Democrats Face Bitter Pills To Lower Reconciliation Topline. This May Be Their Best Option.

WASHINGTON, DC - JULY 9: (L-R) Sen. Angus King (I-ME), Sen. Dick Durbin (D-IL), Sen. Chuck Schumer (D-NY), Sen. Tom Carper (D-DE) and Sen. Joe Manchin (D-WV) speak with each other after a closed-door meeting with fel... WASHINGTON, DC - JULY 9: (L-R) Sen. Angus King (I-ME), Sen. Dick Durbin (D-IL), Sen. Chuck Schumer (D-NY), Sen. Tom Carper (D-DE) and Sen. Joe Manchin (D-WV) speak with each other after a closed-door meeting with fellow Democratic Senators (Photo by Drew Angerer/Getty Images) MORE LESS
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October 6, 2021 12:06 p.m.

Though it’s a galling reality to the vast majority of the Democratic caucus, Sens. Joe Manchin (D-WV) and Kyrsten Sinema (D-AZ) will force the $3.5 trillion dollar reconciliation price tag to come down significantly. 

Based on estimates coming out of the White House, the package will fall to the neighborhood of $1.9 trillion to $2.2 trillion. 

That’s a lot of money to cut with few palatable ways to do it. Many Senate Democrats abhor the idea of cutting programs wholesale — when asked, they respond incredulously that between childcare, climate provisions and health care expansions, what could you possibly afford to lose? 

But there is an option that many Democrats suggested this week they could hold their noses and accept: shortening the duration of programs contained in the reconciliation package to lower the overall cost. When the programs expire earlier than they otherwise would have, the hope goes, the benefits people have received will be so popular that it’ll be politically impossible not to reauthorize them. 

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“That’s a live discussion,” Sen. Brian Schatz (D-HI) told TPM. “I think everyone’s gonna need to compromise. The composition of that compromise remains to be negotiated, but that’s certainly one way to bring the cost down.” 

Unlike the contortions Democrats are usually forced to pull to govern through the reconciliation process, there don’t seem to be significant procedural hurdles attached to this idea. Experts told TPM that there’s no minimum requirement to how long a program passed through reconciliation must last. 

Usually, measures like the Bush or Trump tax cuts are purposefully set to expire just before 10 years of duration, so as to not run afoul of the Byrd Rule, which prohibits deficit increases after a decade. But running the programs for a shorter period is permissible too.

“As long as adjustments made fall within the parameters of the reconciliation instructions in the budget resolution, I don’t think it would present procedural difficulties,” Rich Arenberg, director of Brown University’s Taubman Center for Politics and Policy, told TPM.

And Democrats could use political techniques that Republicans have made use of in the past with those two sets of tax cuts. Matt Glassman, a senior fellow at Georgetown’s Government Affairs Institute, pointed to bills introduced just a couple years into the Bush tax cuts to box lawmakers into reauthorizing them, or risk getting slammed for voting for a massive tax increase. 

“That’s also true of a benefit,” he told TPM. “If benefit x for seniors is going to expire, it’s very hard to vote against reauthorizing it.”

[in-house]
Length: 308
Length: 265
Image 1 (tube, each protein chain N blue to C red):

While the idea produces fewer grimaces from Democratic lawmakers than the notion of cutting programs altogether, it’s not without its drawbacks. Some programs — such as those that deal with reducing climate change-causing emissions — require investment or other flavors of voluntary buy-in, a harder sell if the program’s future and longevity is uncertain.

“The commercial sector needs to know that the need is going to be there in order to make the capital investments,” Sen. Tammy Duckworth (D-IL) told TPM. “We saw that problem with wind and solar, where we were reauthorizing the credits every two years and it really didn’t give any incentive to the commercial sectors to make the investments that needed to be made.” 

If investors know that they can count on a program for five or 10 years, she added, they’re much more comfortable providing funding. 

Sen. Bob Casey (D-PA) brought up a similar concern with his pet issue, home and community-based services, which let Medicaid beneficiaries receive services in their own homes rather than in an institution. The proposal offers additional federal Medicaid matching funds to states that participate and meet the requirements. 

“The time duration matters a lot,” Casey told TPM. “It’s an effort to provide Medicaid dollars, matching dollars, that the states have to embrace. They’re not going to embrace it if it isn’t long enough.” 

And of course, all problems lead back to Sinema and Manchin. It’s hard to know how this idea will affect programs when Democrats still don’t know which ones those two will end up opposing. 

“I still don’t know exactly what programmatic areas the two friends are against or for so that we can actually get down to coming up with a compromise,” Sen. Mazie Hirono (D-HI) told TPM.

The sausage-making will never be pretty in a party where some lawmakers opened the negotiations with a bid for a $10 trillion package and one countered with $1.5 trillion. But in a cornucopia of bad choices, this is one that even the party’s stalwart progressives are keeping on the table. 

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